Discuss the use of irony in "I'm Nobody."

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pmiranda2857's profile pic

pmiranda2857 | High School Teacher | (Level 1) Educator Emeritus

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In this poem, Dickinson speaks with the voice of a child.  As a child in society, especially in her era, you had no rights.  You are a possession of your parents to be trotted out and admired by their visitors, otherwise, you are kept quietly closeted in your room or nursery.

This poem could be considered as ironic if in fact, the child really wants to be admired and looked at by his/her parents and visitors. 

"How dreary to be somebody!
How public, like a frog
To tell your name the livelong day
To an admiring bog"!

Or is the author suggesting that children looking at adults feel that their lives are better and more genuine, because they don't have to mix in society and embrace the phoniness that can accompany certain social events?  Or is she saying that the children are being sarcastic and wishing that they could be noticed? 

In any case, the author seems to be commenting on both the role of children in society and that of the adults that are around them.  She is questioning society's value system. 

reidalot's profile pic

reidalot | College Teacher | (Level 1) Associate Educator

Posted on

Perhaps irony would be evident in Dickinson's statement that "I'm nobody" if, indeed, Dickinson had desired to lead a public life. However, as a recluse, Dickinson's humor rather than irony is evident in this poem as she illustrates, through simple language, the joy of being unknown. The poet prefers to lead an unconventional life as a 'nobody' rather than seek the fame and fortune for which the average man strives. The poet's careful use of childlike diction, "like a frog" and "admiring bog," mislead the reader into believing that Dickinson's thoughts are simple. Indeed,the irony lies in the reader believing this poem is for children, for it is not. Dickinson mocks the adult's  world need for fame.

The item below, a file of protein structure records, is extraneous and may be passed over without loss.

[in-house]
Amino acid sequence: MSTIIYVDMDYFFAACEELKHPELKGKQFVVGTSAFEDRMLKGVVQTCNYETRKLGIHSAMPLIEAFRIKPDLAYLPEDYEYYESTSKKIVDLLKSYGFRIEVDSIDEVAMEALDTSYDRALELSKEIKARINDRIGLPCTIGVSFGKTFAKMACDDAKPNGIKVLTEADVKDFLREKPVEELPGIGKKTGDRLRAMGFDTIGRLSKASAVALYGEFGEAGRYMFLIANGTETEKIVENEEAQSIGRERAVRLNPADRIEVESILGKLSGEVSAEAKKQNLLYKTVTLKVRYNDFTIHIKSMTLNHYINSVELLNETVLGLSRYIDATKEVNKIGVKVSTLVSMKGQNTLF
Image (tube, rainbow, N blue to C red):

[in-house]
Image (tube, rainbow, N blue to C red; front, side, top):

kwoo1213's profile pic

kwoo1213 | College Teacher | (Level 2) Educator

Posted on

Here is the text of the poem, first of all:

I'm nobody! Who are you?
Are you nobody, too?
Then there's a pair of us — don't tell!
They'd banish us, you know.

How dreary to be somebody!
How public, like a frog
To tell your name the livelong day
To an admiring bog! (www.beyondbooks.com)

First of all, irony is "a technique of indicating, as through character or plot development, an intention or attitude opposite to that which is actually or ostensibly stated" (www.dictionary.com).

There are also various types of irony, including verbal irony, which is when the opposite of what is meant is said.  Verbal irony is evident in this particular poem.

shdezyn's profile pic

shdezyn | eNotes Newbie

Posted on

The situational irony in this poem is that the poet was reclusive and preferred being unnoticed, and she also disliked fame and what it took to be famous - - croaking one's name out over and over to an "admiring bog" in order to remain in the public eye ... yet she turned out to be one of the most famous poets in American history.

barb-p's profile pic

barb-p | Elementary School Teacher | eNotes Newbie

Posted on

I feel that in this particular poem Emily Dickinson is using irony toward being depressed. Her own life showed that she chose to live alone with her family and was very content doing so. She did not need to be center of attention or live her life in public (which was her choice).

Emily Dickinson did not need attention from the world as an adult and was to convey this readers of the poem.

osmanyavasca's profile pic

osmanyavasca | High School Teacher | (Level 1) eNoter

Posted on

The poem starts with a paradox in the first line and stating that she definately not one of them. The irony in the poem is that she does not want to be public and not to be surrounded by admiring bog but she accepts friendship of another who is likely to be her. She is kind of creating her own admiring bog though it is not the same as theirs. Also, she is scared to be banished and it is ironic for someone who wishes to be nobody yet at the same time scared to be banished by them.

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